Johnny Cash had two loves, and we all met one of them thanks to the biopic “Walk the Line,” which was released in 2005. Her name was June Carter.
But Cash had another love. A higher love. One never mentioned by name in the movie: Jesus Christ.
There are some hints about that other love in the film. In an early scene, a young Cash, played brilliantly by Joaquin Phoenix, is auditioning for the man he hopes might make him the next Elvis Presley: Sam Phillips, the Sun Records impresario. Cash walks into the small Memphis studio and begins playing a Gospel song.
Phillips isn’t moved and tells Cash he should play something more meaningful — more relevant. “No one listens to Gospel anymore,” Phillips said to the young Cash.
Cash plays a secular song, gets signed, and the rest was history — at least in the movie version. But it turns out that in real life, Cash never stopped playing Gospel music. Almost a quarter of the songs he wrote were in some way about his faith or the Bible. In addition, Cash recorded the entire King James version of the New Testament, performed at many Billy Graham revivals, and even made a movie about the life of Jesus. In his spare time, Cash studied the Bible more than most Ph.D.s in divinity. Somehow, none of that made it onto the screen during the 136-minute running time of “Walk the Line.”
Stripping Jesus Christ out of Johnny Cash’s life story is like leaving naked 19-year-old girls out of Hugh Hefner’s — or telling the story of Jackie Robinson without mentioning his race or segregation. It’s that serious an omission.
Even Cash’s secular music was driven by his Christian worldview, especially the way he wrote about his struggles with sin. “Cash’s strength as a Christian writer was his compassion born from experience,” wrote Steve Turner in his terrific book, “A Man Called Cash.” “He wrote of sin, not as it affected other people, but as something with which he’d become intimately acquainted.”
Unlike his peers, most of whom glamorized sin and licentiousness, Cash wrestled with both in his best music. Indeed, the tension between the flesh and spirit, between things of this earth and of heaven, animated almost all of his music.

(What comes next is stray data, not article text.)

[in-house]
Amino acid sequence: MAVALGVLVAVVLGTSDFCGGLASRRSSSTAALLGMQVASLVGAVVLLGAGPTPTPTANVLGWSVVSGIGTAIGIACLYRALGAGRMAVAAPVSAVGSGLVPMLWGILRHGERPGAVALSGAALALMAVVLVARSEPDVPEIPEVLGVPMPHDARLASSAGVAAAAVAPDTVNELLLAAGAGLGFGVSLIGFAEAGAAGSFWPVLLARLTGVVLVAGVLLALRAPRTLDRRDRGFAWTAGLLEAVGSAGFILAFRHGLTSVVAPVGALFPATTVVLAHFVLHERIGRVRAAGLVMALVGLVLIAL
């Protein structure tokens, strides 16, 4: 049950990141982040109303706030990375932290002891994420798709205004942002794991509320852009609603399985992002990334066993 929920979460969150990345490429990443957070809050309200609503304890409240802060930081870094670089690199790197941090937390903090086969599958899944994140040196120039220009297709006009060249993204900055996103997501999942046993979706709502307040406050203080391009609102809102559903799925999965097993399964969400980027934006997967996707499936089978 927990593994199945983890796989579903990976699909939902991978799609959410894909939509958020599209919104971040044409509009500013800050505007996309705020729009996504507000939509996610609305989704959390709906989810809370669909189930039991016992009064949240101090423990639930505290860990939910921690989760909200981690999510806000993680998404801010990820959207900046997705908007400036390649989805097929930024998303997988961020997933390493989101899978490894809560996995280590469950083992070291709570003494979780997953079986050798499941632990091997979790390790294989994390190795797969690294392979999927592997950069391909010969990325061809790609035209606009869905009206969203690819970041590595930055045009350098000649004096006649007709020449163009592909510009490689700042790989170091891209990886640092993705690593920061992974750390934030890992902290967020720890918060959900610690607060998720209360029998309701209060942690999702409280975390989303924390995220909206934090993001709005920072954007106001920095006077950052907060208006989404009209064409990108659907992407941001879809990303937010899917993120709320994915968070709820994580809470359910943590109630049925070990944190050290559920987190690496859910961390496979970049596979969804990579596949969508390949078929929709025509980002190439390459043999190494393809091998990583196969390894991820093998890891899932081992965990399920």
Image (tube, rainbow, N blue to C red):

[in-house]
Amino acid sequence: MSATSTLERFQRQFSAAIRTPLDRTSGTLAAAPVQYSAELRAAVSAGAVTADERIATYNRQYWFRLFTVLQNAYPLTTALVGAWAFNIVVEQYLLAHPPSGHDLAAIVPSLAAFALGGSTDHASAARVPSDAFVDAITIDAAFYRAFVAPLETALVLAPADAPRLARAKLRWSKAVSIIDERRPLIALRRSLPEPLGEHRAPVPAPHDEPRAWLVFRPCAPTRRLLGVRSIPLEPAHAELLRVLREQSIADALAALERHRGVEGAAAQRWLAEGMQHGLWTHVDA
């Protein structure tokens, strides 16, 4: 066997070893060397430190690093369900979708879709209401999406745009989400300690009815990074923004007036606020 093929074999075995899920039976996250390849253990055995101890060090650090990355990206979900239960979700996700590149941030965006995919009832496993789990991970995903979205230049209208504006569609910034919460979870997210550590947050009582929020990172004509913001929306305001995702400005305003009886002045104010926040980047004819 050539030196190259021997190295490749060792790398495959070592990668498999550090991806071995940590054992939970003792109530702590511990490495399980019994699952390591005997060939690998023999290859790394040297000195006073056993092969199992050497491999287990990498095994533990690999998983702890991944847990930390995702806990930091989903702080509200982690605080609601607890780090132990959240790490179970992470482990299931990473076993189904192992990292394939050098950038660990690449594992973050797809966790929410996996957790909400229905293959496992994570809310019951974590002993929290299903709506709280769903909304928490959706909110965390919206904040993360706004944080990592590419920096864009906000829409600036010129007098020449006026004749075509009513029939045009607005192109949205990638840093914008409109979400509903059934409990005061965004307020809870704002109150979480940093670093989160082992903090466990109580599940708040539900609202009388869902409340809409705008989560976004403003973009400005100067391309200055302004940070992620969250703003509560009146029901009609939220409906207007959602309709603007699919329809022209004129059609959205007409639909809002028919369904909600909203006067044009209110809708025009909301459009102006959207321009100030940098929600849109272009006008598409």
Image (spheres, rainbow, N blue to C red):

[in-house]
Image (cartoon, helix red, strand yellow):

It’s what drew audiences to him, these metaphysical struggles. Sin and redemption, good and evil, selfishness and selflessness, and the burden of living by a standard set not by man but by God — they all were driving forces in Cash’s life and work. Here are the opening lyrics to his first number-one Billboard hit, “Walk the Line,” the song after which his biopic was named.
I keep a close watch on this heart of mine.
I keep my eyes wide open all the time.
I keep the ends out for the tie that binds.
Because you’re mine, I walk the line.
That’s just a touch deeper lyrically than “Whole Lotta Shakin’ Goin’ On” and “Shake, Rattle, and Roll,” both famously covered and performed by Elvis Presley. That’s because Cash wasn’t walking just any line. He was trying his best to walk a Christian line.
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In that walk, he sometimes succeeded — and often failed. What made Cash special was his openness about those failings. He spoke plainly about his womanizing, his bouts with drug addiction, and the toll those episodes took on his loved ones and himself.
“You don’t think about anyone else,” Cash said later in life. “You think about yourself and where your next stash is coming from. Or your next drink. I wasted a lot of time and energy. I mean, we’re not talking days, but years.”
Believers and nonbelievers alike know such struggles. That’s what attracted so many people to Cash’s music: his humility and his empathy.